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Q1 Asia-Middle East container volumes spike 26% but overcapacity weighs on freight rates

First quarter container demand growth in the Middle East has spiked 26% according to a report by Drewry Shipping Consultants. However, this will not necessarily translate into better freight rates because of chronic overcapacity, the maritime research and consulting services provider said.

“After a long period of stagnation, the Asia to Middle East container trade went into overdrive in the past few months. Westbound shipments increased by a staggering 26% year-on-year in 1Q18, according to the latest release by Container Trades Statistics (CTS) – the fastest quarterly growth rate in at least five years,” Drewry said.

“Boding well for the trade’s longer-term outlook, the recent upturn in volumes has come from a wide field,” it added.

Among market segments, Saudi Arabia, the second largest Middle East importer of Asian containerised goods, increased its first quarter inbound volume by 26%, or 52,000 teu, to 227,000 teu.

Top importer UAE boosted import volumes from Asia by 8% to 275.000 teu, while several other countries notched up double digit growth in the first quarter.

Among these were Iraq (24%), Iran (28%), Oman (44%), Kuwait (31%), Egypt (65%), Jordan (24%), and Bahrain (16%).

At opposite ends of the spectrum were boycott-plagued Qatar which saw Asian imports nearly triple to 62,000 teu, while traffic in war-torn Yemen decreased by 21% to 8,700 teu.

Drewry acknowledged that some of the dramatic growth can be attributed to the low base in the previous corresponding period.

“But the region is clearly building momentum as oil prices strengthen. Even the risk of new Iranian sanctions is unlikely to significantly alter the trend,” Drewy said, pointing out that even if Iran’s Asian imports were discounted, the Middle East region’s growth rate would still have been 14% up year-on-year.

Turning its attention to South Asia, Drewry said: “Trade from Asia to South Asia has for the most part been much brisker than to the Middle East over the past three years, although a relatively poor showing in the second half of last year reversed the trend.”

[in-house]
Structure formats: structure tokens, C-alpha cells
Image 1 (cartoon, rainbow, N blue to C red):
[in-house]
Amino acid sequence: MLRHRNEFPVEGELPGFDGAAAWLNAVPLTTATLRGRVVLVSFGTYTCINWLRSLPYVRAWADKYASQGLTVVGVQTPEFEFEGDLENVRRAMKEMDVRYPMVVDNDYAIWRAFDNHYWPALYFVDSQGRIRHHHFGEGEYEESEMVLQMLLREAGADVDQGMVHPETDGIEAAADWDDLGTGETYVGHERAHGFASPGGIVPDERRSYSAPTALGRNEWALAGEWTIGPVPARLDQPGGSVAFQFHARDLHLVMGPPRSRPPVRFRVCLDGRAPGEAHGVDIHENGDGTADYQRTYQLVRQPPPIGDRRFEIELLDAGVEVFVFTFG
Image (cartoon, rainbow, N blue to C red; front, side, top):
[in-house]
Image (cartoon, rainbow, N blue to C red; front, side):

It noted that while Westbound container traffic to South Asia lagged behind the soaring Middle East for the third consecutive quarter in 1Q18, growth was still healthy, with CTS data showing that first quarter volume from Asia to South Asia grew by 9% year-on-year to reach 1.15m teu.

One of the rising hubs in the region Sri Lanka, has emerged as the world’s second fastest growing port in terms of volumes in the first quarter rising 16.2% to 1.7m teu.

“However, the resurgence in South Asia container handling may be short-lived as stevedores across 12 major Indian ports are planning to go on an indefinite strike at the end of this month in a dispute over wages, pensions and working conditions,” Drewry noted however. It also pointed out that a four-day strike by truckers had disrupted operations at India’s top container port Jawaharlal Nehru Port Trust (JNPT earlier this month.

While the surging trade may be good for the ports, it has had a detrimental effect on the lines. “Robust demand from Asia to South Asia and the Middle East has seemingly encouraged carriers to add more capacity to both trades, despite the fact that both were already over supplied and struggling with ever-decreasing freight rates,” Drewry said.

Container lines have been keen to ride on this growth with Gold Star Line among those that have recently launched new services to the region.

Read More: Gold Star Line to expand into India, Middle East, Africa with more services planned

Drewry research calculated that there were approximately 10% more available slots in the Asia-Middle East and Asia-South Asia westbound trades in April compared to the same month last year. Greater demand helped to raise the average westbound Asia-Middle East ship utilisation by around 5 points in 1Q18, but it was still floundering at a pitiful 65% for the period. Similarly, headhaul utilisation to South Asia only managed a small rise in the first quarter to average 68%.

The weak utilisation levels are reflected in the downwards trend for spot rates. Data from Drewry’s Container Freight Rate Insight shows that Shanghai to Jebel Ali 40ft container spot rates enjoyed a mini-revival in early 2018 on the back of renewed demand growth, but prices have since regressed to around $770 per feu as of April, a precipitous loss of 62% against the same month last year.

“Freight rates to India have also struggled, although the year-on-year slide is less severe. Shanghai to Nhava Sheva feu spot rates fell to an 18-month low in April of $730 per feu, down by 27% year-on-year,” Drewry said.

“The demand outlook is brighter for the Middle East currently as labour issues could hinder growth in South Asia. Outside of fuel-related increases, neither trade can expect spot rates to improve until the chasm between supply and demand is addressed,” the consultancy concluded.

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